What if there is an earthquake in Bengaluru? While we may not be sure of the resultant damage, scientists at the Indian Institute of Science (IISc), Bangalore have found how a waste landfill may react to it. A group of scientists from the Department of Civil Engineering and Center for Sustainable Technologies have studied the response of Municipal Solid Waste (MSW) landfills to seismic activities. This study is a first of its kind to be conducted on Indian soil.
India generates about 1,88,500 tonnes of MSW per day. This waste is collected and buried in large landfills in the outskirts of cities. A study on the effect of earthquakes on these landfills is important to lower seismic activity related hazards and prevent potential health problems in and around these areas. Difficulty in data collection and associated health risks has prohibited any such study in the Indian context, in the past.
The team chose the infamous Mavallipura landfill site located on the outskirts of Bengaluru, for the study. The landfill here is spread over 30 acres, is around 10 meters in height and is covered with 10–20 centimeters of natural soil. As a first level of treatment, recoverable and recyclable waste is hand sorted. The remaining waste is then subjected to aerobic composting for a period of two months. A test sample of the landfill waste consisted of clothes, plastics, glass, leather, coconut, stones, rubber, wood and organic matter.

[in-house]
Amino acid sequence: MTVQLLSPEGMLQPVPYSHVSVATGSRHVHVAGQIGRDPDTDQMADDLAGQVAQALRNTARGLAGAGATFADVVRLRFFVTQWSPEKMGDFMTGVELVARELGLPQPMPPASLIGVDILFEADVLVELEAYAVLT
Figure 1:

During the study, the team performed seismic field tests and also collected samples of the landfill for laboratory testing. In the field test, surface vibrations were created and recorded to determine the subsurface information and dynamic properties of the landfill. Laboratory tests included stress and strain tests to measure shear properties of the waste in the landfill. "Seismic design of the landfills requires an understanding of the dynamic properties of municipal solid waste (MSW)", says Dr. P. Anbazhagan, one of the team members.Computer based simulations were carried out to simulate ground motion using historical earthquake data in the region and the response of the landfill were recorded. "Our work describes the seismic analysis and the dynamic response of the municipal solid waste landfills",adds P Lakshmikanthan.
Factors like the height of the fill, its stiffness, dynamic properties of refuse present and the presence of clay liners affects a landfill's response to earthquake. The response of the landifill surface situated above various combinations of soil and bedrock at the bottom of the waste column were studied. A better understanding of the dynamics of the materials constituting the landfill will provide valuable guidance to engineers for designing stable landfills that can withstand earthquakes and cause minimum damage to the surroundings.
This study shows that the landfill is shallow, having less shear stiffness and may be prone to amplification if there is any earthquake, which need to be accounted in the seismic design of MSW landfills. "
About the authors:
GL Sivakumar Babu is a Professor and P Anbazhagan is an Assistant Professor at the department of Civil Engineering, IISc, Bangalore. P Lakshmikanthan is a Senior Research Associate at the Centre for Sustainable Technologies, IISc, Bangalore, KS Vivek Anand is a Research Assistant at the department of Civil Engineering, IISc, Bangalore.
Contact: Prof G L Shivakumar Babu Phone:+91 80 2293 3124